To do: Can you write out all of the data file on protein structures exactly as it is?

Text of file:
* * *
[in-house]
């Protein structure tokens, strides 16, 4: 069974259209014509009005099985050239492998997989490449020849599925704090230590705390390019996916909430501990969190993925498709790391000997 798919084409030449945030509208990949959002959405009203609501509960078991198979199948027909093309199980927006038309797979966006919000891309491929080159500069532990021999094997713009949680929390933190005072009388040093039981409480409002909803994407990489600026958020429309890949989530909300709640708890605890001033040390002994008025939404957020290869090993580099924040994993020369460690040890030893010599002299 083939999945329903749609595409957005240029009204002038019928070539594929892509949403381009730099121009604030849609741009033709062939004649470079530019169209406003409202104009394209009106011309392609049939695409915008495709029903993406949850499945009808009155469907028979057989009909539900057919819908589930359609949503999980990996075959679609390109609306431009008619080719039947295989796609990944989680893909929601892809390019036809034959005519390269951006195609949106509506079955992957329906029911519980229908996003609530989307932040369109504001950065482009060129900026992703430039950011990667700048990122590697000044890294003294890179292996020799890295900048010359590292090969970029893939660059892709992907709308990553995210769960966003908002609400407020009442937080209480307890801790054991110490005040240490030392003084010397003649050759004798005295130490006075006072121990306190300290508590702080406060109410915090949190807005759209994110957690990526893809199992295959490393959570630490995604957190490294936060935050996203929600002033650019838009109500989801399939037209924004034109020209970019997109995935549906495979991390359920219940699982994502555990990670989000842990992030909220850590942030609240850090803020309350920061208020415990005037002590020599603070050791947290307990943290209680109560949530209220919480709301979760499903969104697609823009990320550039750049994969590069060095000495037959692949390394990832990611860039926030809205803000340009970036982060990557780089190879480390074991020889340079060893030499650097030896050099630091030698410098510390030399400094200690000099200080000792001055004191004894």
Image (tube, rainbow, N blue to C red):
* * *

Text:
[in-house]
């Protein structure tokens, strides 16, 4: 069974259209014509009005099985050239492998997989490449020849599925704090230590705390390019996916909430501990969190993925498709790391000997 798919084409030449945030509208990949959002959405009203609501509960078991198979199948027909093309199980927006038309797979966006919000891309491929080159500069532990021999094997713009949680929390933190005072009388040093039981409480409002909803994407990489600026958020429309890949989530909300709640708890605890001033040390002994008025939404957020290869090993580099924040994993020369460690040890030893010599002299 083939999945329903749609595409957005240029009204002038019928070539594929892509949403381009730099121009604030849609741009033709062939004649470079530019169209406003409202104009394209009106011309392609049939695409915008495709029903993406949850499945009808009155469907028979057989009909539900057919819908589930359609949503999980990996075959679609390109609306431009008619080719039947295989796609990944989680893909929601892809390019036809034959005519390269951006195609949106509506079955992957329906029911519980229908996003609530989307932040369109504001950065482009060129900026992703430039950011990667700048990122590697000044890294003294890179292996020799890295900048010359590292090969970029893939660059892709992907709308990553995210769960966003908002609400407020009442937080209480307890801790054991110490005040240490030392003084010397003649050759004798005295130490006075006072121990306190300290508590702080406060109410915090949190807005759209994110957690990526893809199992295959490393959570630490995604957190490294936060935050996203929600002033650019838009109500989801399939037209924004034109020209970019997109995935549906495979991390359920219940699982994502555990990670989000842990992030909220850590942030609240850090803020309350920061208020415990005037002590020599603070050791947290307990943290209680109560949530209220919480709301979760499903969104697609823009990320550039750049994969590069060095000495037959692949390394990832990611860039926030809205803000340009970036982060990557780089190879480390074991020889340079060893030499650097030896050099630091030698410098510390030399400094200690000099200080000792001055004191004894």
Image (tube, rainbow, N blue to C red):